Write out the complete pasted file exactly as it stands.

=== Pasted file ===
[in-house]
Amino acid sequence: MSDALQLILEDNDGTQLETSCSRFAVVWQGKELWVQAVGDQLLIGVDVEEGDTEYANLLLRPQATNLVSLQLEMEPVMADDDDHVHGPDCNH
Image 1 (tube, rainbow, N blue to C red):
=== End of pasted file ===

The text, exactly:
[in-house]
Amino acid sequence: MSDALQLILEDNDGTQLETSCSRFAVVWQGKELWVQAVGDQLLIGVDVEEGDTEYANLLLRPQATNLVSLQLEMEPVMADDDDHVHGPDCNH
Image 1 (tube, rainbow, N blue to C red):